There sure are. We're putting it all together now. It's difficult because it's hard to plan until you know you can do it. With a 24-seat dining room, it's seven tables. So when they're like, "Oh, you can open to 50%." I'm like, "Oh yeah. Do you want to go to a restaurant with three tables in it? I don't think so." You can't do it that way. You've got to wait until you can do it at a hundred percent. And it sounds like that's going to be the case sort of later in June. So yeah. As soon as we're allowed to we'll start putting that plan back together and we'll reopen all right. We're excited.

That's great. Very exciting, and something to look forward to after a long slog through the pandemic.

I know, I know. You have all these Michelin star chefs, these incredible guys that are used to cooking incredible cuisine, and then suddenly for the last year, they've been making mashed potatoes and Shepherd's pies. And there's nothing wrong with that. It's been fun, but at some point you're like, "I want to get back to what I do."

Curtis Stone's wife turned him on to In-N-Out Burger

If you could pick one kitchen tool, what would it be? 

This is super self-indulgent, but I make a nonstick cookware. It's called DuraPan. And it's so good that you can get a screaming hot, like you can cast iron, but you can get beautiful sears on everything. So, that's my DuraPan.

What do you typically eat in a day?

Everything. I eat a lot. I cook breakfast in the morning for my boys and that's pretty healthy, fruit and bacon and eggs or cereal, avocado toast, English muffins. Then I kind of, I'm a grazer, of course in the kitchen, you work your ass off. So you're on your feet all day and you're constantly cooking stuff. So you're constantly tasting it. So we don't sit down and eat multiple meals, but we do all sit down as a team around five o'clock, just before four o'clock, just before service and we all eat together. So that's sort of a bigger meal and that's always cooked by someone different and something different. I usually have a bit of a midnight snack when I get home as well.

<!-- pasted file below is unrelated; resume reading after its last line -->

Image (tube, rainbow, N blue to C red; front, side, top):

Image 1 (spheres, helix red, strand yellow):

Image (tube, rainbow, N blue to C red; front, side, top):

What's your favorite fast food item?

Tacos. I don't really go to chains to be honest. My wife's (Lindsay Price) introduced me to In-N-Out. So if we're on a trip, I might hit a Double-Double. Is that what it's called? Yeah. Double-Double, animal style, but I don't eat from chains very often.

Good food starts with good ingredients, says Curtis Stone

What's the worst kitchen nightmare you've ever had?

I nearly burned down a restaurant in London. It was called Bluebird. It was my first week working at this restaurant, and I tried to get this wood fire oven that no one had used for a long time back up and running. And it started a fire in the ceiling above the oven and this AAA rated heritage building was literally on fire. And thank God we put it out, but that was a pretty big disaster.

Do you have any cooking tips or recipes you'd like to share with our readers?

I think cooking doesn't have to be difficult. The idea of farm to table, it's really good shopping. If you go to a farmer's market and you buy some delicious seasonal ingredients, you kind of just put it together. You don't even have to do a lot of cooking. Say grilling a steak with some beautiful vegetables that you steam. I mean, it can be that simple making a quick, simple sauce, like a chimichurri. So I think sort of, not trying to do too much and not being intimidated by it is probably a good first step.

Be sure to tune into "Crime Scene Kitchen" May 26 on Fox.